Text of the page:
5 Questions: Taking a fresh measure of retail real estate
- February 1, 2024: Vol. 11, Number 2

5 Questions: Taking a fresh measure of retail real estate

by Mike Consol with Scott Aiese

Is there a property type that has taken more body blows than brick-and-mortar retail?

For starters, retail has long been considered overbuilt in the United States. Then there is the fickle consumer whose preferences change quickly from formats such as department stores and shopping malls to big-box stores and outlet stores. When ecommerce came along — with all its convenience and discounting — some started ringing the death knell for traditional retailing and its physical stores. That was followed by the COVID-19 pandemic taking its pound of flesh out of the sector.

Little wonder that investors have been waving red flags over the property type.

Still, traditional retail has persevered and even prospered in some cases. Investors, it seems, have reason to give retail a fresh look — a notion that would find some encouragement from Scott Aiese, senior managing director of capital markets at JLL New York.

Why did retail fall out of favor as an asset class and how has it recovered?

Retail as an asset class fell out of favor with investors during the much-heralded retail ecommerce apocalypse of the 1990s and then a slew of bankruptcies that preceded the historic COVID-19 shutdowns. Valuations fell as liquidity dried up and new construction was severely curtailed.

Several factors have contributed to its resurgence, including strong consumer demand for leisure activities and the experience of shopping in physical stores. Retail centers now include entertainment, dining, fitness and services, diversifying income sources and creating more dynamic tenant offerings for consumers.

Those retailers that have successfully integrated ecommerce with their physical stores to create an omnichannel shopping experience are also now thriving — think in terms of Zara’s smartphone mannequins, or Steve Madden’s live chat customer service.

What makes retail attractive to investors in today’s complex financing environment?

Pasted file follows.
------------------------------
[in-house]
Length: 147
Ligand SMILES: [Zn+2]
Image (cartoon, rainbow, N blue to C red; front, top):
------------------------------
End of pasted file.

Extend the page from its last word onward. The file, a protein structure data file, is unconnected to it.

Near peak occupancy levels, nominal new supply and an expansion-minded retail industry are creating unprecedented retail demand and rent growth across the country. It is an ideal pivot for institutions able to parachute into the asset class as lenders and investors and find general consensus around valuations as well as cap rates. Values remain significantly below replacement cost, the sector remains undersupplied, rents are low relative to increasing sales, and momentum points to favorable roll-ups on leases over the coming years.

Due to the retail sector’s high levels of occupancy and its undersupply of new development, current owners and investors are poised to capitalize on the sector’s strong fundamentals and long-term rent growth.

Are we talking all retail, or are there preferred assets that are attracting investors in the sector?

Within the overall retail sector, grocery-anchored centers are the most heavily transacted multi-tenant subtype by volume at $3.6 billion year-to-date. However, this growing confidence in the retail sector has led to an escalated interest from investors in power, lifestyle and other formats. Traditional gateway markets were the most liquid in the third quarter of 2023, with New York, Los Angeles and Washington, D.C., leading the pack.

Which lenders are most active?

Local banks and insurance companies have been active sources of debt capital, and CMBS lenders have reemerged as active participants. Retail has accounted for a larger portion of recent CMBS conduit securitizations, accounting for 16 percent of production between 2017 and 2019 versus 23 percent through third quarter 2023 year-to-date. CMBS lenders are looking to retail as a source of product diversification away from office loans, which have decreased from 31.4 percent between 2017 and 2019 to 21 percent through third quarter 2023 year-to-date. For large loans, the single-asset single-borrower (SASB) market is experiencing an even more pronounced shift away from office; where office represented 31 percent of SASB loans ($11.8 billion per year) between 2017 and 2019 versus 3 percent of SASB production ($400 million) through third quarter 2023.

What is your outlook for 2024?

Despite challenges in the broader credit markets, we believe the dearth of supply and strong consumer demand point to a long runway of growth and an opportunity for investors to take advantage of improving conditions. We expect to see more capital flowing into the space in 2024 as volatility persists in other property types, and debt advisory teams to remain busy across all lender types, risk profiles and geographies.

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